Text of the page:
Paying Down Debt Takes Discipline

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This blog post is part of the Pay Down My Debt (PDMD) blog tour, sponsored by US Equity Advantage. PDMD is a solution that accelerates debt payoff and helps consumers monitor their credit and make smarter purchasing decisions. If you’re looking to pay off debt, find out how they can help. If you’re looking to pay off debt, find out how Pay Down My Debt can help.

One of the things I realized early on when I went looking for answers on how to get out of debt, it was going to take significant changes in my behavior to overcome a $109,000 hole my family and I had dug for ourselves.

Discipline was a word that often surfaced, and others used to describe what it takes to turn your money mindset around. Often people make the weight loss comparison to debt reduction. If you’ve ever tried to lose a few pounds, you know what it takes to skip over the cookies or make healthy choices when eating, self-control.

It was why when I started to blog, and I named my site “Debt Discipline” because I recognized how big of a part the behavior piece was in personal finance. The math part is relatively easy; breaking bad habits is something totally different.

Working towards any goal like getting out of debt will be meaningless unless you have a reason to do it. Defining a “why” will help keep you focused and motivated. Our why was to stop living paycheck to paycheck, build a better financial future for our family, and teach our children better money habits.

Even with the goal in place and a why defined, it will not be easy. Making change will take sacrifice during the journey of debt repayment. Remember the first week of any diet ever? Feeling hungry at night, well you will have similar struggles when curbing your overspending.  However, do you remember the first time you stepped on the scale and realize you dropped three pounds? Instantly the hard work was worth it. It the same when it comes to your money.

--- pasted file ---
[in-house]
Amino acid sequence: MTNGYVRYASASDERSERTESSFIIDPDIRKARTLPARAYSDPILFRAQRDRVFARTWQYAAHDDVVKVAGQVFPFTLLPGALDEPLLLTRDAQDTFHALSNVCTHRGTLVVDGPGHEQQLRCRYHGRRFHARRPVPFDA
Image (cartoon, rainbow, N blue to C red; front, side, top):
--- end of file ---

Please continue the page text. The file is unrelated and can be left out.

Getting out of Debt Steps

I have written about getting out of debt several times, so let’s recap the steps I recommend:

  • Realize you need help/find help/educate yourself
  • Define a “Why”
  • Build a plan (Budget)
  • Communicate and agree upon plan with spouse/family (Budget)
  • Stop building new debt
  • Place expenses into “wants” verse “needs” buckets
  • Build an emergency fund (Cash Savings)
  • Pick Debt Payoff method/Track progress / stay motivated
  • Build Wealth

Many of the items in this list are actions and behaviors, find help, educate, communicate, build, plan, etc. There’s no mention of math in these items. Sure, you will have to calculate your numbers along the way, but those actions and behaviors will take the most discipline. That’s why it’s important to get off to a great start finding the right resources to assist you on your journey.

Educate Yourself/ Find Help

One of the best things you can do when tackling any new subject is to increase your knowledge on the topic. I did this by reading and listen to as much information on personal finance as possible. Start with the internet in the comfort of your own home. Look at the mainstream sites like Yahoo, USA Today, etc. they all have personal finance sections, then dig into personal finance blogs. I always find the reading the different points of views of other people help me glean bits and pieces of information from their stories that I can incorporate into mine.